Symud i'r prif gynnwys
Cuddio Rhestr Erthyglau

8 erthygl ar y dudalen hon

- OUlt DOCTOR. atltl, is to…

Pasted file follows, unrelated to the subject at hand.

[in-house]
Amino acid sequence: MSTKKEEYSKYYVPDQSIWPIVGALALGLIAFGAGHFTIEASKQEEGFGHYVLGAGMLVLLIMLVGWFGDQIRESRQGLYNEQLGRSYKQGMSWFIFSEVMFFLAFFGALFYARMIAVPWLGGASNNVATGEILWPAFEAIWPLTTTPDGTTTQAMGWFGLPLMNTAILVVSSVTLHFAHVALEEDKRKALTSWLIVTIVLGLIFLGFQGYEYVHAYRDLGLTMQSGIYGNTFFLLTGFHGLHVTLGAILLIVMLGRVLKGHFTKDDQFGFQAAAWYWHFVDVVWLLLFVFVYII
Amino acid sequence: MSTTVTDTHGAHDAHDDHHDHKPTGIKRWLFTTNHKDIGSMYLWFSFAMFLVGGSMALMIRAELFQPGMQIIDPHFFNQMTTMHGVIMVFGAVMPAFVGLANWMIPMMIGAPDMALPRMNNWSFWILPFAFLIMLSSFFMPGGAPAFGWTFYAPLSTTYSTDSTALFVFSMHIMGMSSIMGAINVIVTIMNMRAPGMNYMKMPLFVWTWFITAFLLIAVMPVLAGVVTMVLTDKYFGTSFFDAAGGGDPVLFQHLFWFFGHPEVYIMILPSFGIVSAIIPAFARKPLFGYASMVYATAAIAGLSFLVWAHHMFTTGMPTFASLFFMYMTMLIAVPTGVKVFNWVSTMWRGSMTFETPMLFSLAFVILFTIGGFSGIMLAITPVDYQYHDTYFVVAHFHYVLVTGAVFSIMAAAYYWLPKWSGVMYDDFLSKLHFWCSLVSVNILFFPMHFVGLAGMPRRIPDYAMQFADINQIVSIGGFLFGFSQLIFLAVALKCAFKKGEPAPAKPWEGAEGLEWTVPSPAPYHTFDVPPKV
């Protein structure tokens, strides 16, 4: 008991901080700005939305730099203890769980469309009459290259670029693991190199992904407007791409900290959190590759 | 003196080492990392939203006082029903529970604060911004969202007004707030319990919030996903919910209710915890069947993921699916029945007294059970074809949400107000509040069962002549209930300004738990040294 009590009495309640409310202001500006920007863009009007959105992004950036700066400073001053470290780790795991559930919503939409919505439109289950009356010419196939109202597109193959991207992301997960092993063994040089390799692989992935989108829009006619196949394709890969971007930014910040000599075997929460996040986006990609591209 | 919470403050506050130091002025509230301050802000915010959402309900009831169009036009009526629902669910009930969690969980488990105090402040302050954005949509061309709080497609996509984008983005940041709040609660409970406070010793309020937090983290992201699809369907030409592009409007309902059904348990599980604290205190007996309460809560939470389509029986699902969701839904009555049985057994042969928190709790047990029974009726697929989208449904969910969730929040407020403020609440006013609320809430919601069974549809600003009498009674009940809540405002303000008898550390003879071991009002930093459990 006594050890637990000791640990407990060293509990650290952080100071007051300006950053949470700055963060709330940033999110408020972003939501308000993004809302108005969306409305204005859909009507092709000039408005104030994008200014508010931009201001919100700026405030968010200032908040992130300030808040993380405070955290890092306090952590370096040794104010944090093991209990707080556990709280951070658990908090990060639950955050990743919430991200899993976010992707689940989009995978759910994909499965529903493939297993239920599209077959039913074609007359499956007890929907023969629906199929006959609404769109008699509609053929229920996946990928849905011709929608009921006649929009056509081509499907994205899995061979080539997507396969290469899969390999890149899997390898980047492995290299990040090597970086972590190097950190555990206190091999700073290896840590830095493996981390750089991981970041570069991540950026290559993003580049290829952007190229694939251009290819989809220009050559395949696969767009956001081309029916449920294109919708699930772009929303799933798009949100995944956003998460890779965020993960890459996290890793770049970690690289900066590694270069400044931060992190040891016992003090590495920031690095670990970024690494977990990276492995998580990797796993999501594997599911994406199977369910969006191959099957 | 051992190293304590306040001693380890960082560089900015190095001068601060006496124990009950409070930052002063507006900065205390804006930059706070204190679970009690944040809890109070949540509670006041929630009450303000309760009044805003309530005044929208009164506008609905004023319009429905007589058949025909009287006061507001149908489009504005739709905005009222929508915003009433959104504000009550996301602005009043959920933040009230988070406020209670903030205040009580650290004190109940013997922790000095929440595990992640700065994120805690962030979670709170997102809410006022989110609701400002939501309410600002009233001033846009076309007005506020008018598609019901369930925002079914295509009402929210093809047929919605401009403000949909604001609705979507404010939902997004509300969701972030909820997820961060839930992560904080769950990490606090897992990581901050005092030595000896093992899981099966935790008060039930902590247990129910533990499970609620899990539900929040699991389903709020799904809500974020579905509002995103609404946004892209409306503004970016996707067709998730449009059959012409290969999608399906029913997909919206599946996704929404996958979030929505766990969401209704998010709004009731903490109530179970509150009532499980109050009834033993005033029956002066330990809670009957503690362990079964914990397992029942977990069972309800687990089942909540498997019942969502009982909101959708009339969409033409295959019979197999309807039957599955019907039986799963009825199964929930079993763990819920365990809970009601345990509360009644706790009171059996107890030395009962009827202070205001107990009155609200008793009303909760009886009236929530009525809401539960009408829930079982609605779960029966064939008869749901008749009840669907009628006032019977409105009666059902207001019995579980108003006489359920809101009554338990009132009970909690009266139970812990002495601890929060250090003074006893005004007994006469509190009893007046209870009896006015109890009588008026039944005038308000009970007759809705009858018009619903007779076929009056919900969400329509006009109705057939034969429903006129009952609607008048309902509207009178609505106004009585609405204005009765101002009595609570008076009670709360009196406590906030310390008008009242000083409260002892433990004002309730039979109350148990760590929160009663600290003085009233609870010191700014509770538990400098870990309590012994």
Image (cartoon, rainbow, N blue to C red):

OUlt DOCTOR. atltl, is to bt-come lietltltv,Heiiis. Conducted by a Physician and Surgeon. Correspondents arc requested to state their ^usst'ons .Is colle"?Iy as possible consistent with intelligibility, adding (1) sea-, (2) aqe. (3) if married, (4) duration *>f illnesf. All letters should be address^. "MFTMCAl," per Editor, WEEKLY MAIL, Cardi "Arxtous" (W L,.¡¡-,u¡.> r elti- ment in an offiec l a; a great deal lo do with your condition. Try other employment. Gut all the frpsh air you c in. Take plenty of imM, and nourishing diet. 2. Take no stimulant; at present, and try to give up smoking. o. les. "L. M. T (Swansea*.— A change to the sea would be beiiolirial to y-u, bill not at this rillle of the year, unless you could yo abroad. Home is place for ou at present-—Not at your age WN. W. S." (Feriid-tlcj. — 1. Your ewe requires Jong course of treatment by a medic tl m ui. 2. At 1,MM; three or four «uin»a?.. F. J. w(Blaeii'»v n).-l. It »s it'll"™ .on of the irmcous nieiiibiiine, Ciuscil bj co.o. so long. 3. Possible, but. not probable. *• Ygg "A. D. p." (Atierdare).—1. Ye?. 2. Not genc- l"Hy. 3. It is composed of syrup of puospiutc, ofiron, qoiniiv, andstiyclmii-e. "JACK TMI (N'wpor; ).-l Tuke ion rnps tincture of bteel ill a ». twico a thy after f 0.1, 2. An tl i-tic erne* is best; thosilk one?. 3. N t dangriou* "fl. R." Dowlais).—1- Apply lin.-eed me .1 poulnc « three times daily <1 tf.8 wounds healthy, then use zinc ointment. 2. About unite weeks. „ f "PUNYAED" (Methyr Tydfil). U have r-t stated age.employmei t, or duration ot C,I,S- "CONSTANT (Fores'.facli, Swansea).—« 110 till v iihout exnmin f'-n, but AOUd adv^e you to try SHI Prunt 1 lounges; u,r,crlonV'n' a "VV. si' (Newport).—Vaiious causes. Sometime. age. CRAMP IN THE LEGS. 1$frequently relieved by firmly pressing tho feet against some hard substance, such as the footboard of the bed. In most cases, pressure against a cold hearthstone will afford relief. • Cmi.BT.AIN3. Now that this is the season ror chilblains, the following remedy may be aooeptable — Wear cotton stockings day and night on the cpproach of winter; and when the first symp- toms of attack are felt wear two. » SLKERLESSNESS. A very simple method of INDUOIN« »JEEP IN cases of persistent insomnia, and one that has succeeded where many drugs have failed, Bimply to administer a moderate £ warm liquid food before the patient G bed. This diverts the blood from the biain to the abdominal organs, and takes away the cerebral excitement that precludes sleep. • To STRAIGHTEN A ROUND BACK. The simplest and easiest way of doing this Is as follows Procure about three yards of unbleached furniture webbing an inch• Place this behind the back and to the front beneath the armpits. J hrow the ends over the shoulders, cross them hehind the back, then bring under the armpits again and tie in front. You can put a buckle on for the fastening if you It ~e. ?i. vou too ti«ht at first, but gradually tighten a, you gr0J h-tlS additional advantage of costing but a fen pence.. # DOSING THE BABY. In re-counting some of the aooictehts thit befal the babies through the ignorance or, oarelessness of parents and nurses, mention must, be made of a class of caaes that are met with in the practice of almost every physi- cian of wide experience, about which be will t a talk to you fi-eely enough in a general way, the st "cleat profeasioiial secrecy, and not then unless there is good reason for so doing I refer to the murderous practice of dosiiig the innocents with powerful patent nostrums, compositions the effects of and antidotes for which are unknown to the persons who administer them. Children do not bear opium well, and it should never be Iadministered to them by anyone but a well-informed who can watch its action. The sooth ng syrups are another fruitful source of mf»n lie mortality, nnd many fatal casas o po S following their use might be cited.—BabJ hood. » TREATMENT OF BURNS. The best thing to do in the case of a burn -whether it is large or small-is to submerge the injured part in water, which will keep the air away from it and alleviate the smarting, then, as soon as possible, appty a pas e m of carbonate of soda and water Spread it on the burned surface, cover with cloths, and keep saturated with water. This mode of treatment, says a doctor, dealroya the pain, ex- pedites recovery,and prcventsblisteringr- is no better remedy known. If i PP promptly and properly, the skin will form » hard, dry covering the burn, and blistering will occur. If a blister is fornie(i, it should be carefully water nnt and let the skin down upon tne raw surface. If a burn is caHy-and tMs^iianner 0Qf dressing need not be changed but more of the carbonate of soda may be added, if washed away by the application of wa ter. I he less tho dressing is moved the better. THE MRDICAL USE OF ROT WATER. There is no remrdy of .nch f cation, and none so easi y > water, and yet nine persons in ten will pass by in an emergency to seek for somethir)g of less efficacy. There are but few cases ot illness where water should not occupy tho highest place AS A remedial agent A strip of flannel or a napkin wrung out of hot water and apph-D ROUND the neck of a child that has croup will Usually bring relief IN ten m U • A towel folded • several times and Wrung out of hot water and app IE seat of the pain in toothaohe or neu g generally afford prompt relief..IHW TREAT ment in colic works like NIAGIO I H«E known cases that have RESISTED OTHEI treat- ment for hours yield to this in ten M notes. There is nothing that will so pi P Short congestion of the lunsa)3<?' V thenmatiL a. hot «ter »h«. appl.ed promptly and thoroughly. D TQ Uraute dipped in hot water an ^P PF sores and cuts, bruises an P A treatment adopted M many P • sprained ankle ha. '» *Xm .wring .t "» t ¥ePFd water soi. height of » FEW L D ^OT Vate, taken freely half an hour before bed time is the best nathartio in the oase of constipation, whi.e it BT F MOST soothing effect on the bowels. ?HI9 treatment continued for a few months, with proper attention to diet, will alleviate Clany MI""¡:: of dyspepsia. • WORK AND FOOD. distaste and dislike which is growing BP arouna us with regard to work is (says The jiospttai) a grievous and terrible mistake, for the highest life that any man or woman can reach in this world is associated with the fullest work. If thos,, who knew the value of life were to be asked which are the most worthy—those who work much too mucu or those who work mIlch too little-they would at once answer thac those who work much too much are worth twenty times those who work much too little Let mothers who have daughters whom they do not know what to do with, .ctwho are becoming plagues to themselves andtoyou, fill their lives with work, and they will then have no need to complain of them. There is growing up in the nursing worid a habit of having far too frequent meals in the day and far too mucu variety at them. Meals should not be multi- plied in the way they now are. The plan of having tea before breakfast, lunca at eleven o'clock, then dinner, tea again in the artei- noon, and supper at night, is about tho worst plan tbat can be adopted. N uriies should have four meals a day, four good sensible meals o fresh,simple, nourishing food. W omen have out one notion about food, and that ?9 e oftener thoy eat and the more varied „he ioou is the better the? will be. 'i his is a nns.aie. Four simple meals, meals of plain, nounsnuifj food, and nothing between them is the best way of sustaining the health and ot suppoi.- i-T the bodv. Above all tinned meat suoutd ti'e^avoided,"as they form a most dangerous kind of food. The diet of 25 years ago, when nurses had plain bread and butter for breakfast at half-past six, a dinner consisting of ioint atone, and a cold meat supper, was much more filing for tho maintenance of health and tho support of the wording powers than the diet of the present day.